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The Oscars of Children's Literature

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Last year The Today Show noted that the Newbery and Caldecott children's book awards are often called the "Oscars of children's literature." Certainly, the awards are highly regarded and, like the movie ones, result in significant increases in sales. As of this writing, two weeks after the awards were announced, the Newbery winner, Moon Over Manifest, is number five and the Caldecott winner, A Sick Day for Amos McGee, number two on The New York Times best seller lists. Yet despite the endless concern expressed about children (most recently by President Obama in his State of the Union address), the contrast between the media attention for this Monday's announcement of the Oscar nominations versus that two weeks ago for the Newbery and Caldecott winners could not be more extreme.

This year, while The Today Show did enthusiastically cover the Oscar nominations, they passed on those "Oscars of children's books." The result was a lot of discussion within the children's book world as to whether it mattered or not. Those who felt it did wrote letters and emails, started a Facebook campaign, and otherwise tried to get the show to reconsider. Others argued that the brief and often awkward Today Show segments were no longer relevant and that there were plenty of other places to promote the books. Indeed the winners were celebrated in industry publications like PW, heavily blogged, enthusiastically twittered, celebrated on Facebook, and featured in other media outlets, old and new.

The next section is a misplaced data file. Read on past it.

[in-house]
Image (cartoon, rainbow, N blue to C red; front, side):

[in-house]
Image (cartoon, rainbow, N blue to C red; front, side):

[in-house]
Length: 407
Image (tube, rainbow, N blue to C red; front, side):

I'm one who feels The Today Show still matters. A lot. It matters because there are still many people who depend on it for their information. I'm thinking of parents, grandparents, teachers and other viewers who care about the children in their lives and pay attention when something related to them shows up on a major television show that they watch daily. I am certain it meant something to them when the show took a few minutes to interview winners of awards they remembered from their own childhood. I'm sure many of those busy folks getting ready for the day thought as they caught one of those brief segments: "Hmm...I need to check out those books for my kids/grandkids/class/friend's kid" just as many of us thought this past Monday, "Hmm... I've got to check-out True Grit/Social Network/The King's Speech."

Bottom line for me: giving children's book awards even a smidgen of the attention the Oscars get sends a message that our children matter.

Cross posted at educating alice